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Exploring true potential of 3D geospatial

 

Patrick Cozzi, CEO, Cesium

The digital transformation that is sweeping across industries is driving incredible interest in our work. Construction, real estate, aerospace, autonomous vehicles and other industries that rely on information from the physical world need software to make sense of their 3D geospatial data to make better decisions. Some of the technological advancements driving this trend are the proliferation of sensors, be it cellphone cameras, drones, or LIDAR, and the increase in computing power that allows us to create 3D models of the world. These days, 3D geospatial is more available than ever, and data is being collected at faster rates and in higher resolution.

When we think about the proliferation of sensors, IOT, edge computing, cloud computing and GPUs to build 3D models, the key piece that brings all these together is the conduit through which data moves. 5G will increase our bandwidth exponentially. It is the advancement that will allow us to realize the potential of all this data. On the dissemination side, 5G will lead to richer experiences on devices like cellphones. Using formats like 3D Tiles to stream content, you can now bring higher resolution, more accurate and more visually pleasing content to more users.

Innovating at every step

At its core, Cesium’s mission is to fundamentally advance 3D geospatial. We think that there is so much potential for 3D geospatial that the industry players need to work together, and we are facilitating this by building Cesium to be the open platform that can serve as the DNA for the rest of the industry, as well as investing in the creation or adoption of open standards to allow interoperability. As a company, we are investing very heavily in R&D.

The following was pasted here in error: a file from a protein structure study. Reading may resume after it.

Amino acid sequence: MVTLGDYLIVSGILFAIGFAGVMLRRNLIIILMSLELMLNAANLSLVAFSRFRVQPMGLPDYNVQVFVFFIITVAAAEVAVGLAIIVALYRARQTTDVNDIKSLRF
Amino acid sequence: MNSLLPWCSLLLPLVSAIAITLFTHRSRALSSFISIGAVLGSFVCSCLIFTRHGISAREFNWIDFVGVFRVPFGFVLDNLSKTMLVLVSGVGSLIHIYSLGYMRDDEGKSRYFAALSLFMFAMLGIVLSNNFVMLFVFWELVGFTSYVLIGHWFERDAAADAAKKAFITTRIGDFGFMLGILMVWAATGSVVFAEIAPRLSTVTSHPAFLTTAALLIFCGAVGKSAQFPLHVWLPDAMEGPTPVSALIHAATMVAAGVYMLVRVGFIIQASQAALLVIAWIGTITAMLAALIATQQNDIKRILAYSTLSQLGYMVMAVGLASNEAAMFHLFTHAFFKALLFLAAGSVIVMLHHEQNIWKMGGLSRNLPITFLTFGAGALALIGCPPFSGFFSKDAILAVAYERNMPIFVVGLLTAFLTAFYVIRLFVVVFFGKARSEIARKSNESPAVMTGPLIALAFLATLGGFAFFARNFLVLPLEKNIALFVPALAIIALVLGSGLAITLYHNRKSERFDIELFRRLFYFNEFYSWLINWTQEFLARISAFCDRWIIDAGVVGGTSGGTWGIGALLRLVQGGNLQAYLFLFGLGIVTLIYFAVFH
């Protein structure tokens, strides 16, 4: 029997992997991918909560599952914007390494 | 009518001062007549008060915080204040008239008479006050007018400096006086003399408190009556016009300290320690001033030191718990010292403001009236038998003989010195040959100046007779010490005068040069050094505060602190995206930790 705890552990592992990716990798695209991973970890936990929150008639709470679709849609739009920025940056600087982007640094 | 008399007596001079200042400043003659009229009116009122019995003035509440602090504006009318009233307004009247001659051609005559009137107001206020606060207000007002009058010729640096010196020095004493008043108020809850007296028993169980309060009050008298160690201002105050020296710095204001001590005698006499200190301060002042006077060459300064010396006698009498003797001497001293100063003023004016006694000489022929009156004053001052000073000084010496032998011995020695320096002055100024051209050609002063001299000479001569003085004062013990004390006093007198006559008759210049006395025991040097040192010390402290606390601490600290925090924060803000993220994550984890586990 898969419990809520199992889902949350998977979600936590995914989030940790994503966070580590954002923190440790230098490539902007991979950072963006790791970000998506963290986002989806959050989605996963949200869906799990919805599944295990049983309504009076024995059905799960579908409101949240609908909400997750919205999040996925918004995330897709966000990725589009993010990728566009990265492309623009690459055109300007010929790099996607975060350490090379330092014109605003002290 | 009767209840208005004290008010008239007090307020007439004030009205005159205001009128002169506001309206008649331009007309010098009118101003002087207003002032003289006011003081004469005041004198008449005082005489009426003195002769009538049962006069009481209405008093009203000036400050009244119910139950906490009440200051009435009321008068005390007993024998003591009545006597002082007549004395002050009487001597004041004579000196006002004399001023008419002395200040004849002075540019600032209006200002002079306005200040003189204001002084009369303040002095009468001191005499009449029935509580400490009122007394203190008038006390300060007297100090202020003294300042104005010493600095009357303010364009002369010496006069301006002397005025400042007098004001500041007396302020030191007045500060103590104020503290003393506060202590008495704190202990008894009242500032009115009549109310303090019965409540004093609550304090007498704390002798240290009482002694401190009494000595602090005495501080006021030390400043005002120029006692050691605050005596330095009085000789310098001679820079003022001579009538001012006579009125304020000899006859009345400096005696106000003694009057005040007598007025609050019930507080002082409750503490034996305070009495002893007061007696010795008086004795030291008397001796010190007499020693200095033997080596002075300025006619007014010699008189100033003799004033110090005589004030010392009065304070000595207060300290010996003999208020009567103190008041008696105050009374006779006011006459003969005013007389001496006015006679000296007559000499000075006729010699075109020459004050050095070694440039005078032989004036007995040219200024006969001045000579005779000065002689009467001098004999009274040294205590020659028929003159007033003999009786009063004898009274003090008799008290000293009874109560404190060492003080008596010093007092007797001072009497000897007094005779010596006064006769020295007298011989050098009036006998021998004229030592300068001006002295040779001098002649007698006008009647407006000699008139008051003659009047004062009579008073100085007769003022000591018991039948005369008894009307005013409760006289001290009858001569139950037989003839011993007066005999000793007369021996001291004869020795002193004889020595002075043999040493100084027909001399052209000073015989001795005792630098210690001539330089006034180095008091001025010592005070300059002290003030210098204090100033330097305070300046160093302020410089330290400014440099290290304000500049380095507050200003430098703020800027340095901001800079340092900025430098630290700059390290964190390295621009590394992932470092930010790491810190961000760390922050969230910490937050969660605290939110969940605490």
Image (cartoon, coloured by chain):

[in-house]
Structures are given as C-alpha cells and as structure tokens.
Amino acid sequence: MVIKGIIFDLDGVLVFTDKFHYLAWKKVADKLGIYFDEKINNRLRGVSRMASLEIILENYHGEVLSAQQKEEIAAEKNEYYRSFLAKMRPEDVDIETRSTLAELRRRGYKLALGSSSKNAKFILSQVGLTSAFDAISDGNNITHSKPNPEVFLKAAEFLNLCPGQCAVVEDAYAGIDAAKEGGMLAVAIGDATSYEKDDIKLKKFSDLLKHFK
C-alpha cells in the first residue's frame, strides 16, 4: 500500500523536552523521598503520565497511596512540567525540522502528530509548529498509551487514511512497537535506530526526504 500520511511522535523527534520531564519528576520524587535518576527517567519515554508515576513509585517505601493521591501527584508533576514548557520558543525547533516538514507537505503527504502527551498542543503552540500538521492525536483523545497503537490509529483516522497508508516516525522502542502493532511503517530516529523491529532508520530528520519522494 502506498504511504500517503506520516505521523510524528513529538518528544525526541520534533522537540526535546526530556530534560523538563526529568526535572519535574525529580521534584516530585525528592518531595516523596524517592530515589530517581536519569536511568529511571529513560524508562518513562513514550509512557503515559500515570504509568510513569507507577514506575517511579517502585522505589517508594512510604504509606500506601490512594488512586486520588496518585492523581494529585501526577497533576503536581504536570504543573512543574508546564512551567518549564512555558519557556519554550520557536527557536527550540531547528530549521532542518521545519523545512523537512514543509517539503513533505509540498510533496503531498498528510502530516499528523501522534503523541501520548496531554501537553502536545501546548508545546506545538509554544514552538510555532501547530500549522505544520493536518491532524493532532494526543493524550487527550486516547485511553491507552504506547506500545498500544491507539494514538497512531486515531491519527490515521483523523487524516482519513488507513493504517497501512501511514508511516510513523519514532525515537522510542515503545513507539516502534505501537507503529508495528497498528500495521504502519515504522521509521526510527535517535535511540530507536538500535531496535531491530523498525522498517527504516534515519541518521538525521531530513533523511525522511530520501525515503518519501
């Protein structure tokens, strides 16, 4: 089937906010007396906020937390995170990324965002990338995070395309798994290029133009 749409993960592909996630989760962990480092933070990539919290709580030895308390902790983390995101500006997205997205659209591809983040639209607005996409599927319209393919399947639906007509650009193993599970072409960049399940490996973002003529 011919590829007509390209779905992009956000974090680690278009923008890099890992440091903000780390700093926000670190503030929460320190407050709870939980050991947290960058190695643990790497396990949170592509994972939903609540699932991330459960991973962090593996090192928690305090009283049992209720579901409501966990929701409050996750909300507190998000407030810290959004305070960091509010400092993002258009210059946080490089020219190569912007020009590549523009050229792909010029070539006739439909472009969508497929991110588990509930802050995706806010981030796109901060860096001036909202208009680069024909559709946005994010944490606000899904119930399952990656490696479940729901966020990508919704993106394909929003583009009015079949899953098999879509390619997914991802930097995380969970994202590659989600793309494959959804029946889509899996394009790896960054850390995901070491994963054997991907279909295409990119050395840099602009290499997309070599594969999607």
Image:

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Our core objective is to realize the potential of 3D geospatial data. Since this data is by nature fundamentally complex and three-dimensional, our mission demands that we innovate at every step.

Acting responsibly to build trust

As technologists, we have a responsibility to take data privacy into account with every advancement we make. Trust is earned by continuously doing the right thing. Cesium was first developed in 2011 and earned trust as an open-source project with a lot of transparency. As our company grows, we will continue serving our customers, creating and supporting open standards and educating the next generation of geospatial experts.

Moving forward

We need to stay focused on our mission to advance 3D geospatial and put data to work in the world. In the face of a global recession, the use of geospatial technology and the tools to interpret that information can help users save money and make more efficient use of time. Even now, a lot of GIS analysts need to employ a manual or semi-manual process to tag information and images. The ability to have trained AI models that can do this with high accuracy and speed will improve efficiency, lower the cost of semantic data and make data dissemination faster.

Also Read: Digitalization process is accelerating the development of new geospatial technologies